Improves the penetration of other ingredients into the skin
- “Glutathione peroxidase activity, superoxide dismutase enzymes and a phenolic anti- oxidant were found to be present in Aloe vera gel, which may be responsible for these anti- oxidant effects.¹”
- “Anti-inflammatory and antibacterial properties thanks to salicylic acid it contains.²”
- “Cleansing and antiseptic properties thanks to Saponins Aloe Vera contains.²”
- “Enhances penetrative effect of the other ingredients into the skin thanks to Lignin itcontains.²”
¹ Khalaf et al. (2017), Evidence based medical use of aloe vera extracts, short review of literature, International Journal of Research in Medical Sciences.
² Surjushe, A., Resham V. and Saple, D. G (2008). Aloe vera: a short review. Indian journal of dermatology 53.4, pp. 163.
Promotes microbiome growth, has a prebiotic effect Sources
- “α-Glucan stimulated the growth of beneficial resident flora, and its bioselectivity as a substrate will enable to restrict the growth of pathogenic flora. Ecological balance is very important to prevent invasion of external pathogen […]. Therefore, we concluded that α- Glucan had the possibility of prebiotics effect and expected that the product containing this material has a potential benefit for skin health.¹”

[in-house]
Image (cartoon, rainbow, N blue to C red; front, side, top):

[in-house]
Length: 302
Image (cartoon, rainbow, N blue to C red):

¹ Park, T. (2016). The prebiotic effect of Gluco-oligosaccharide on skin microflora, Staphylococcus. Conference Proceedings of IPC2016.
Has a lipidic intercellular cement function promotes skin’s protection Moisturizing
- “Important for the skin barrier.¹”
- “From a pharmaceutical and cosmetic point of view, we have good reason to believe that Ceramides are among the most important components to protect the skin.²”
- “Corneometer’s measurement of skin hydration has shown that Ceramide provides long-lasting hydration.³”
¹ Meckfessel, M.H. and Brandt, S. (2014). The structure, function, and importance of ceramides in skin and their use as therapeutic agents in skin-care products. Journal of the American Academy of Dermatology 71.1, pp. 177-184.
² Myoung Hee, L., Gae Ho L. and Jong Shin Y. (2003). Analysis of ceramides in cosmetics by reversed‐phase liquid chromatography/electrospray ionization mass spectrometry with collision‐ induced dissociation. Rapid communications in mass spectrometry 17.1, pp.64-75.
³ Sajna, KV. et al. (2015). White biotechnology in cosmetics. Industrial Biorefineries & White Biotechnology. Elsevier, pp. 607-652.
Restores the skin’s barrier thanks to Omega 6 (15%) and 9 (oleic acid, 7%) ➢ Soothing and revitalizing thanks to Omega 3 (62%)
- “Significant improvements in skin hydration.¹”
- “Omega-3 plant source.²”
- “The high proportion of α-linolenic acid makes Chia a superb source of Omega-3 (about 65% of the oil’s composition).²”
¹ Jeong, S. K., Park, H. J., Park, B. D., & Kim, I. H. (2010). Effectiveness of topical chia seed oil on pruritus of end-stage renal disease (ESRD) patients and healthy volunteers. Annals of Dermatology, 22(2), pp. 143-148
² Ullah, R. et al. (2016). Nutritional and therapeutic perspectives of Chia (Salvia hispanica L.): a review. Journal of food science and technology 53.4, pp. 1750-1758.